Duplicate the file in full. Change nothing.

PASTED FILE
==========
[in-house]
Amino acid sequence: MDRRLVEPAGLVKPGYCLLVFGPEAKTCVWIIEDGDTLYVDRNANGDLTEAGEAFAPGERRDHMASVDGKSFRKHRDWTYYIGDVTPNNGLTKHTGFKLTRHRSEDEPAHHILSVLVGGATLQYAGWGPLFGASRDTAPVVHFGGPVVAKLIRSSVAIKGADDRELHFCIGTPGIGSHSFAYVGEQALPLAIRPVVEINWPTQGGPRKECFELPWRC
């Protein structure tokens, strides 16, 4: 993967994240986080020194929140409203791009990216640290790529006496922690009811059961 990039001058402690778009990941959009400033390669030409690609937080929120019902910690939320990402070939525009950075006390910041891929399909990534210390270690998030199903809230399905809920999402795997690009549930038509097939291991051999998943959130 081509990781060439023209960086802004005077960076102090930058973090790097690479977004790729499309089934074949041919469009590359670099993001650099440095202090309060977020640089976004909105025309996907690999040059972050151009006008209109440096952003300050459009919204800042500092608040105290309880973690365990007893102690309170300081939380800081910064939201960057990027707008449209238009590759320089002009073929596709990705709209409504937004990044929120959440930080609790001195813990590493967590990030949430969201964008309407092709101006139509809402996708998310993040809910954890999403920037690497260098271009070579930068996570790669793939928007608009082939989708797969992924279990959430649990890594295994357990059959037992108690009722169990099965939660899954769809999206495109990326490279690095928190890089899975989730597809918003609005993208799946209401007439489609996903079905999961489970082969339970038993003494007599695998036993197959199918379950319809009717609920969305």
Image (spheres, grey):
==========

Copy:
[in-house]
Amino acid sequence: MDRRLVEPAGLVKPGYCLLVFGPEAKTCVWIIEDGDTLYVDRNANGDLTEAGEAFAPGERRDHMASVDGKSFRKHRDWTYYIGDVTPNNGLTKHTGFKLTRHRSEDEPAHHILSVLVGGATLQYAGWGPLFGASRDTAPVVHFGGPVVAKLIRSSVAIKGADDRELHFCIGTPGIGSHSFAYVGEQALPLAIRPVVEINWPTQGGPRKECFELPWRC
């Protein structure tokens, strides 16, 4: 993967994240986080020194929140409203791009990216640290790529006496922690009811059961 990039001058402690778009990941959009400033390669030409690609937080929120019902910690939320990402070939525009950075006390910041891929399909990534210390270690998030199903809230399905809920999402795997690009549930038509097939291991051999998943959130 081509990781060439023209960086802004005077960076102090930058973090790097690479977004790729499309089934074949041919469009590359670099993001650099440095202090309060977020640089976004909105025309996907690999040059972050151009006008209109440096952003300050459009919204800042500092608040105290309880973690365990007893102690309170300081939380800081910064939201960057990027707008449209238009590759320089002009073929596709990705709209409504937004990044929120959440930080609790001195813990590493967590990030949430969201964008309407092709101006139509809402996708998310993040809910954890999403920037690497260098271009070579930068996570790669793939928007608009082939989708797969992924279990959430649990890594295994357990059959037992108690009722169990099965939660899954769809999206495109990326490279690095928190890089899975989730597809918003609005993208799946209401007439489609996903079905999961489970082969339970038993003494007599695998036993197959199918379950319809009717609920969305």
Image (spheres, grey):